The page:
If The American Bar Association could give them some kind of award for bringing so much business to the legal profession – the power couple of Ellen Pao and Alphonse Fletcher Jr would be the winner
Sexual Discrimination Lawsuit
Pao has won a ton of media coverage for her sexual-discrimination lawsuit against her former employer, the venture-capital firm Kleiner Perkins Caufield & Byers.
After she went to work at Kleiner in 2005 as a junior partner, her suit alleges, another employee on her level began making “inappropriate” sexual advances, to which, according to her complaint, she “succumbed . . . on two or three occasions.” When she stopped sleeping with him, she claims, he engaged in a “consistent pattern of retaliation.”
The lawsuit accuses Kleiner senior management of both ignoring her complaints about retaliation and discriminating against its female employees more generally.
Let’s leave aside the fact that three Ivy League degrees (from Princeton in electrical engineering and from Harvard for business and law) aren’t enough to teach a woman not to sleep with a co-worker, let alone one who is making “inappropriate” advances. Why continue working for such a company? Surely, even in the sexist world of finance, there are other firms that would value a woman of Pao’s abilities.
The story of a downtrodden secretary dependent for her livelihood on some letch of a boss this is not.
Sometime after her relationship with her co-worker ended, Pao married Alphonse Fletcher Jr. He got some press of his own last year when he filed a suit against the co-op board of the famed Dakota, on the Upper West Side.
Racial discrimination and hedge fund returns
Fletcher, a hedge-fund manager, wanted to expand his three-bedroom apartment in the building by buying an adjacent one. The board turned him down, saying it doubted he could afford a fifth unit in the building. (On top of his main residence, he also owns his mother’s apartment and two other units for employees’ use and storage.) That’s when Fletcher, who is black, sued for racial discrimination.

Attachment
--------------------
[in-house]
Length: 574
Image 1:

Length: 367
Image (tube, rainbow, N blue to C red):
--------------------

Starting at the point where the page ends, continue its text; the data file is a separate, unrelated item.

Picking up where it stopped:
The board claimed that Fletcher’s tax returns showed only about $700,000 in adjusted gross income — hardly enough to foot the mortgage and maintenance on the units he planned to own.
Fletcher claimed he could have covered the bill with deferred compensation he was owed. And he cited racial slurs he said he’d overheard from other residents. Of course, they did elect him president of the co-op board, but that was probably just a cover.
Nor was this the first time he’d sued for racial discrimination. In 1991, he claimed that his bosses at Kidder Peabody hadn’t paid him what they promised. Arbitrators ultimately awarded him $1.3 million, but with no finding of discrimination. Still, why not try again?
These days, one might note, it looks like the folks at the Dakota may have been justified in their sense that something was fishy with Fletcher’s finances. Earlier this year, Louisiana filed a petition with the Grand Court of the Cayman Islands in an effort to recoup more than $100 million in pension money they’d invested with Fletcher’s hedge fund.
Fletcher had offered the state a minimum 12 percent annual return — a deal The Wall Street Journal called “unusual.” In April, a Freedom of Information request showed that Fletcher was dipping into another one of his funds to repay Louisiana.
Sexual Advances Lawsuit
In 2003, Fletcher settled a suit by a man he’d hired to manage his home in Connecticut. The guy alleged that Fletcher made sexual advances to him. (Before Fletcher married Pao, he was gay.) A few years later, Fletcher was sued by another property manager, who claimed he was fired after refusing Fletcher’s sexual advances.
Despite the legwork of reporters at the Journal, The New York Times and The Times-Picayune, among other publications, the details of much of this legal wrangling still aren’t clear. Maybe the Harvard Law Review could devote an issue to Fletcher and Pao next year?
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